Blast From The Past Also Reveals A Bit Of (US) Postal HIstory


I saw a re-tweet for this “Man From Mars Radio Hat” advertisement and—while it’s awesome as a bit of nostalgia on it’s own—it also reveals a bit about our (US) Postal history:

Man_From_Mars_Radio_Hat_-_Boing_Boing 2

The “Zone” field is not for modern ZIP codes, but for postal zones which were implemented back in 1943. The Smithsonian [online postal museum]( explains what they are in their [excerpt]( from Carl H. Scheele’s book, _”A Short History of the Mail Service”_:

>_The basic idea of postal zoning came into being in 1943, in the midst of World War II. At this time, U.S. annual mail volume was growing steadily (the years between 1940 and 1943 saw an increase from about 28 billion pieces of mail to about 33 billion pieces of mail). In addition, post offices across the country were forced to hire inexperienced clerks as more experienced staff members went off to serve in the war. The creation of a postal zone system was deemed necessary in order to improve the accuracy and efficiency of mail sorting and delivery. Zone numbers were implemented in 124 of the country’s largest urban areas, and individual delivery districts within these areas were given one or two digit codes, to be written as part of the address after the city name. These early postal zone codes faced little opposition and caught on quickly with businesses and the American public._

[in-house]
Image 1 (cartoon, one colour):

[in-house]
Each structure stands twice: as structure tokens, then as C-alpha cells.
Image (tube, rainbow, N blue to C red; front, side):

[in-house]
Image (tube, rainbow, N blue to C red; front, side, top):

Simpler times and smaller world back then.

Cover image from Data-Driven Security
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